Here's the full transcript and a few videos of general manager Jerry Dipoto's press conference at the Mariners' pre-spring training luncheon on Thursday at Safeco Field.
Here’s the full transcript and a few videos of general manager Jerry Dipoto’s press conference at the Mariners’ pre-spring training luncheon on Thursday at Safeco Field.
We talked about a plan, what we’re going to do with this off-season, how we wanted to structure this roster, and some of the tenets that we most significantly believe in in moving forward as an organization and now we’re going to do. I feel very confident that our game plan has been executed. Now we’re going to find out as the season starts, how good the game plan was, but I think we did execute a game plan.
We came in late September, had the great benefit of having been given the opportunity to watch the major league play for the last seven days and getting to sit down and meet with a handful of players. Obviously, much has changed since then with the major league roster, with the major league staff, some of the support areas of the club. I know today you got a chance to meet some of our people that may not have been front-and-center with you in the past, and others around the organization who you may be more familiar with, but the message should be consistent.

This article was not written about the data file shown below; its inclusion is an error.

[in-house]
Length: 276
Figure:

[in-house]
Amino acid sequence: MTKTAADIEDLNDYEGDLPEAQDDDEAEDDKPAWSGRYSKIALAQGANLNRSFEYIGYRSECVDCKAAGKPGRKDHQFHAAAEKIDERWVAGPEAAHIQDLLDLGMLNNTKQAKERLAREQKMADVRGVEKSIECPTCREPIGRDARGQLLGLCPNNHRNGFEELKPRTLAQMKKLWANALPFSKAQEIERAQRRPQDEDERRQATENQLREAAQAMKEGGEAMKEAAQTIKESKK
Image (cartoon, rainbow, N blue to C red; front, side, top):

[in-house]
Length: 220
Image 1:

The biggest thing to me, and I’ve said it to Jeff, to Tom, to Andy and Scott, some for many years, the biggest thing for me is the ability to communicate. If we’re effectively communicating up-and-down, and side-to-side, then the ball doesn’t drop, the players always know where they’re supposed to be. They’re always in a position to succeed and moves like these that we’ve made through the off-season are easy to understand because we’ve effectively communicated them both internally and externally.
I look back at this off-season and feel like we talked about the idea of being more athletic in the outfield, and I believe we are. We talked about better acclimating or building a ball club to Safeco Field, and I believe that we’ve done that. We talked about building depth on the pitching staff, and that may be numbers 1-2-and-3 in terms of what you want to do in any off-season, and I feel like we have addressed that to the best degree that we could.